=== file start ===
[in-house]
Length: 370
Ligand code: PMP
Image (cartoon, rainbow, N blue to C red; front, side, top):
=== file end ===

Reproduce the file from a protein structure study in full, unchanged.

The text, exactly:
[in-house]
Length: 370
Ligand code: PMP
Image (cartoon, rainbow, N blue to C red; front, side, top):